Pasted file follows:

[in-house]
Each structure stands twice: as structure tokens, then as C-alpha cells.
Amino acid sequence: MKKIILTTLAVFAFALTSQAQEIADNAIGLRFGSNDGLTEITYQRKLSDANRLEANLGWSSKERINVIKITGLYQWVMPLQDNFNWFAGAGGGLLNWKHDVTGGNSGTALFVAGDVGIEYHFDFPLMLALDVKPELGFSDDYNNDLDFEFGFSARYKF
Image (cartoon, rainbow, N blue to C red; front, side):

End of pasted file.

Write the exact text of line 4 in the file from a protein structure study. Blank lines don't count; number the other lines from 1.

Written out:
Image (cartoon, rainbow, N blue to C red; front, side):